Geoffrey Weaver, conductor, and the Kidderminster Choral Society have obviously supported this tremendous involvement of young people. Weaver is enormously energetic, and manages to enthuse young singers while doing the great classics with the larger (140 member) group, the Kidderminster Choral Society. Weaver also gives credit to Carol Hill, who runs the Primary Chords. While much of what they sing is unison, a surprising amount is not, and while the very youngest are entertaining to watch, one can observe how they quickly learn the discipline that music requires. Wyre Forest Young Voices do not hold auditions, yet they perform to an admirable standard, most notably with the Sainsbury's Choir competition. Many singers spent time in the Primary Chords, and many may go on to the Kidderminster Choral Society or choirs wherever they end up living.

Micaela Schmitz (March, 2003)


Making Music West Midlands "Network"

"Concert of the Season" - The most remarkable concert of the season came from WYRE FOREST YOUNG VOICES on 2nd April when a Glamorous Nights programme entertained and astonished a packed audience at Kidderminster Town Hall. There were 50 singers on stage and these were complemented by 30 from the recently formed 5 to 9 year-olds choir, Primary Chords.

Kidderminster Choral Society director, Geoffrey Weaver, is the conductor, and with his back-up team of Ula Weber, Michael Elden, Carol Hill and Nicci Lane, provides the training and musical framework to teach these young singers the innumerable skills needed to make them accomplished at their craft. Russell Painter, an ex-member of the choir who is at the Guildhall School of Music, was tenor soloist in the concert and his stylish performances gave a wonderful example for the current choir members to emulate. He was joined by Elisabeth Witts and Laura Bassett in duets from The Mikado and Carmen and even sang the testing Flower Song with style. WFYV were spirited participants in the Gypsies Chorus as well as shining in a succession of excerpts from well-known musicals.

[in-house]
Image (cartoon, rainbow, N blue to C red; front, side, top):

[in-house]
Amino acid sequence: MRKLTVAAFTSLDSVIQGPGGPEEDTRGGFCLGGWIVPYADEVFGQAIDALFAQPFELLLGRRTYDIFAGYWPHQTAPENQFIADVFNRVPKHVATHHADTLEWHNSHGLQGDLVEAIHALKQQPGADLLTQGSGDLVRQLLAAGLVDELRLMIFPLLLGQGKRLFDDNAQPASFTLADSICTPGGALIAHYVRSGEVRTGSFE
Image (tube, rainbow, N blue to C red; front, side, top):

Primary Chords had their moments of glory too, showing disciplined stage presence and singing with clarity and a nice forward tone. This is an amazing success story and if only it could be reproduced in a fraction of our eighty choral societies the wider benefits would soon take effect. But it needs vision, perseverance and the right personnel to give a long-term commitment.

When talking to Ray Harrowing recently about the choir he recounted that in 1999 there were only 13 singers for the Christmas concert and Geoffrey Weaver announced that the choir would close unless more members were found. Several of the choir took up the challenge, created publicity waves by getting on to Classic FM, stirred up their schools and the new recruits were found. It has not been plain sailing since then - it never is - but this concert showed that things are going very well. A tour to Poland is planned for this autumn - only £13,500 needs to be raised! - and there are all sorts of exciting plans in the pipeline. Who said choral singing was dying ??!!

Jim Page (May 2004)


Making Music West Midlands "Network"

March Medley was the title of the programme for Wyre Forest Young Voices in March and as on my previous visit I was impressed by the enthusiasm of the singers, the dedication of their coaches and the support of parents, who virtually filled Kidderminster Town Hall. The programme was a very varied one but Geoffrey Weaver was adept at steering his young charges through the many styles expected of them.

WFYV's younger counterparts, Primary Chords, had two slots in the evening, and the standard, enthusiasm and discipline that Carol Hill obtained from these very young singers gained our total admiration. It was a very long evening however, and I do wonder if some gentle pruning might not have made it less taxing for all concerned.

Jim Page (May 2005)